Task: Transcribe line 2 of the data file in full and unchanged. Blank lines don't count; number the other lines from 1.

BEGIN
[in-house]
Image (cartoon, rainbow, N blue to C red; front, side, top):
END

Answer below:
Image (cartoon, rainbow, N blue to C red; front, side, top):